The January transfer window proves to be a crucial one for Tottenham Hotspur, but while it might set something of a benchmark in terms of on field ambition, it’ll also go some way to suggesting how high their aspirations sit away from the field of play.
While Andre Villas-Boas’ side has developed something of a steely efficiency in recent weeks, there’s still plenty of room for improvement as the club seek to push on for a fourth placed league finish, as well as success in the Europa League.
And in their quest to pursue some of the gifted talents linked with bolstering the Lilywhites’ campaign, such as the Christian Eriksens and the Willians of this world, they bestow the perfect asset in chairman Daniel Levy. The Essex-born businessman has not been without his faults during his time at the club, with his infamous brinkmanship sometimes causing the club as much harm as good.
But in terms of squeezing the best value out of deals for Spurs, from both a buying and selling perspective, there are few in the trade who can better Levy’s skills at the negotiating table.
Although while Levy’s public profile within English football has been built mostly upon his hard bargaining and eye for a profit in the transfer market, it’s very easy to forget just how well he’s run Spurs’ financial ship.
Regardless of how you view some of Levy’s managerial appointments and departures since he was appointed chairman in 2001, the way in which he’s managed to continuously ensure funds have been available for player transfers, while ensuring the club lives very much within its means, has been an admirable feat.
Throw in a £40million new training ground, the acquisition of nearly £90million worth of land over the last decade (in preparation for stadium development) and the fact the club’s overall finances continue to look both healthy and astute, if nothing else, the chairman can hardly be accused of lacking positivity. Certainly, compared to where the club sat in 2002, it’s difficult to argue to the contrary.
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And of course, as Tottenham have grown in stature within the Premier League over the last decade, there’s been a natural correlation with the growing expectations of supporters. Having already had a taste of dining alongside Europe’s elite in the Champions League, all associated with the club crave a second, more sustained bite of the cherry. Consequently, continued investment in personnel is key to mounting an viable assault upon such ambitions.
But within the last 12 months at least, for a club with such lofty top four ambitions, investment has been very cautious indeed. In face, since January 2011, the club has in fact made a net profit in the transfer market.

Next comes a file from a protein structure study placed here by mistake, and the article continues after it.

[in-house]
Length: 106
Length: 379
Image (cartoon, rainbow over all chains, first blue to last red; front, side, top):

Considering the tumultuous box office nature that was their summer transfer window of 2012, just because Spurs have been living within their means hardly means that they haven’t spent money. Tottenham shelled out just under £60million on talent this past summer, including the likes of Jan Vertonghen and Hugo Lloris amongst others, which was in fact the fifth highest outlay on players during the summer in the whole of Europe.
Although poignantly, they did of course also sell a fair few players as well – not just any ordinary ones, either. Amongst those to pass through the White Hart Lane exit door were Luka Modric and Rafael van der Vaart and when all was said and done come the start of September, Tottenham had made a net spend of around only £500,000.
And if we cast our minds back to the start of the calendar year and the ill-fated January transfer window that Spurs endured, there’s still around £8million of Roman Pavlyuchenko shaped money that was never eventually spent. There is a school of thought suggesting that while the funds were there to be invested, Levy was perhaps reluctant to hand then manager Harry Redknapp a transfer warchest. Rightly or wrongly, if that warchest still remains, then Andre Villas-Boas could certainly do with seeing it next month.
This isn’t to accuse Levy for five minutes of hiding any money down the White Hart Lane sofas. The club are turning over near enough £100million less than both their league and local rivals Arsenal. While Spurs profited from their Champions League adventure a couple of years ago, so did their players, with the wage bill hopping up £24million from 2010 to 2011. While many from that squad have since moved on, the club is still paying many Champions League wages, without actually playing in the competition.
Throw in the nice new contract Gareth Bale earned in the summer, £6.5million in agents fees since October 2011, an untold amount on signing on fees as well as legal/planning costs surrounding the failed Olympic Stadium bid and the NDP and it’s hardly as if there is some mythical amount of buried treasure kicking around N17.
Yet come deadline day on the summer transfer window, many supporters were glued to their phones and televisions waiting to hear news upon the protracted transfer of Joao Moutinho from Porto. The move eventually collapsed, but had it gone ahead, it would have been to the tune of £22million; a transfer record for the club that would have blown their recent frugal economic policy in terms of player recruitment out the water.
If Levy was prepared to sanction such a deal last August, then he must ensure that money is available for Andre Villas-Boas to spend as he wishes in the January transfer window.
No one is either expecting nor wanting the club to live outside of its means, but there can be no more smoke and mirrors like posturing in terms of player recruitment. Tottenham must strengthen their campaign on all fronts next month, not weaken it as they did at this time last season. If the warchest really was hidden from Redknapp last January, Daniel Levy must give it to Villas-Boas this January. If he doesn’t, then we perhaps gain a far better idea to quite how bare the coffers are in the white half of North London.